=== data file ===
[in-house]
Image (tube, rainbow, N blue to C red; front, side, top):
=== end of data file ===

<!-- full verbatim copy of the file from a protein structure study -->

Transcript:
[in-house]
Image (tube, rainbow, N blue to C red; front, side, top):